Small Hive Beetle: A first-time encounter in Queensland, Australia
Small Hive Beetle – disgusting AND revolting!: a first-time encounter in Queensland, Australia
View/Download the PDF: An Encounter With The Small Hive Beetle
While visiting family in Australia I was very fortunate to spend an afternoon with John Polley (President of Gold Coast Amateur Beekeepers Society – 160 members) and Kevin Finn (commercial beekeeper, Waratah Apiary). I wanted to find out more about small hive beetle – what it looks like ‘in person’ and how it is managed by Australian amateur beekeepers.
First, some context: the Gold Coast beekeeping season is 10 months of the year. Langstroth Hives are the most widely used hive type and are used with solid floors. Italian bees predominate. At the time of writing (April 2015) varroa has not yet been confirmed in Australia (although there are unconfirmed reports that Apis Cerana has been found in Cairns in north Queensland, having flown across the Torres strait from Papua New Guinea and potentially bringing with it varroa destructor).
Many Australian beekeepers believe that small hive beetle was most likely brought into Australia in thesoil on roots of plants imported for agricultural production. It is now widespread. I was keen to see some beetles and I certainly got my wish because the day before my visit, small hive beetle infestation had caused a member’s hive to ‘slime out’. This term is a very good description of the effects of a serious infestation.
The larvae and beetles defecate on the comb, causing the honey to ferment and drip out of the cells. Everything seemed smelly and slimy. It looks disgusting too, like something out of a horror movie, not something out of a bee hive! The bees seemed to agree as the whole colony had absconded.
There were still beetles scuttling around on the comb that I was shown, and the torn cappings showed that the deserted hive had been robbed, risking transmission of disease. As there were no bees on the comb the beetles stood out clearly.
The beetles weren’t as big as I thought they’d be (I’ve obviously spent too long looking at the large photos in the Defra leaflet!) but I was pleased to see that their clubbed antennae and short wing cases were clearly visible. However it did make me realise that they would be a lot harder to spot on a comb of bees, especially against darker brood comb. The larvae look like maggots and have spines along their back and three pairs of tiny legs at the front (‘prolegs’).
John and Kevin explained that the bees will chase and ‘corral’ the beetles into enclosures made of propolis to try to contain them. However the beetles can induce the bees to feed them by rubbing the bees’ mandibles with their antennae. It seems the bees can’t win in this situation.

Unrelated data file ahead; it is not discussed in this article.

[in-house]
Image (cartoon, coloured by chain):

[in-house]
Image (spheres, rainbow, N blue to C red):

One of the key tactics for controlling the beetles is to trap them at the hive entrance or on the combs, exploiting the beetles’ natural tendency to crawl into dark cracks and spaces. There are a number of designs available to beekeepers in Australia and I have already seen various kinds of traps for sale here in the UK.
There are corrugated cardboard or ridged plastic traps which sit on the hive floor, including the Hive Doctor and Apithor Hive Beetle Harbourage (a small, flat trap that has an active ingredient that kills the mites – I couldn’t find this online so may not be licensed for the UK).
There are also traps to hang in the hive between frames including the ‘Better Beetle Blaster’ traps which can hold diatomaceous earth (food grade earth) or vegetable oil to attract the beetles
(avoid oil contact with bees on the frames). I have seen these for sale in the UK. AJ ‘Beetle Eater’ traps are similar.
Solid floors have also been adapted to hold black plastic trays like trenches (below), which are filled with oil and hang below slots in the floor board, trapping beetles that fall through.
Another trap I was shown is called the ‘beetle jail’. It covers the hive entrance and has narrow slots on the edges to entice beetles into integrated traps. It seemed to have particularly good potential to work with our open mesh floors by forming a very dark space for beetles to run to, without use of chemicals.
Part of the beetles’ life cycle happens in the soil around the hive. They prefer sandy or loose soils. Apparently chickens love to peck and eat the pupating larvae in the soil however if you aren’t lucky enough to have chickens a soil drench will have to do the job instead.
These are just a few examples of equipment for managing small hive beetle. There are constant updates and inventions as the threat spreads.
I would like to thank John and Kevin for their generosity in sharing their time and expertise.
I feel that our experience in the UK of managing varroa through integrated pest management techniques will stand us in good stead when small hive beetle arrives. BUT it is so important to make time for a thorough disease inspection of our bees! It reminded me that the attitude that ‘it will never happen to me’ runs a huge risk that I, for one, am not willing to gamble with.
The Small Hive Beetle has spread to Europe and is present in Calabria in Italy so now is the time to get informed. Knowledge learned now could make a huge difference in the coming season and could play a part in stopping the progress of this horrible pest! If you need a reminder about what to look for and what to do if you do find something suspect, visit the following page where you can also download a booklet: http://www.nationalbeeunit.com/index.cfm?pageid=125